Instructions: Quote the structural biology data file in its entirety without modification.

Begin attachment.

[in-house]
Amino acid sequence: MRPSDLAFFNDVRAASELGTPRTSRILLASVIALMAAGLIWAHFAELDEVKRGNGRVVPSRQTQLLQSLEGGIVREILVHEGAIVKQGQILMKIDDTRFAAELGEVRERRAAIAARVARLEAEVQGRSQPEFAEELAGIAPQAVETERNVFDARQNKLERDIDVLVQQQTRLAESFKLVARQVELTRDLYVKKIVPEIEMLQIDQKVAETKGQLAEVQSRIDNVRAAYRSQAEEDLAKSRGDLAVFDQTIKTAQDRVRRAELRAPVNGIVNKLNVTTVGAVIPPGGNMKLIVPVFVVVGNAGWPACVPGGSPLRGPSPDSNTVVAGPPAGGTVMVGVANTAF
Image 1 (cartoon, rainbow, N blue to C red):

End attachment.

[in-house]
Amino acid sequence: MRPSDLAFFNDVRAASELGTPRTSRILLASVIALMAAGLIWAHFAELDEVKRGNGRVVPSRQTQLLQSLEGGIVREILVHEGAIVKQGQILMKIDDTRFAAELGEVRERRAAIAARVARLEAEVQGRSQPEFAEELAGIAPQAVETERNVFDARQNKLERDIDVLVQQQTRLAESFKLVARQVELTRDLYVKKIVPEIEMLQIDQKVAETKGQLAEVQSRIDNVRAAYRSQAEEDLAKSRGDLAVFDQTIKTAQDRVRRAELRAPVNGIVNKLNVTTVGAVIPPGGNMKLIVPVFVVVGNAGWPACVPGGSPLRGPSPDSNTVVAGPPAGGTVMVGVANTAF
Image 1 (cartoon, rainbow, N blue to C red):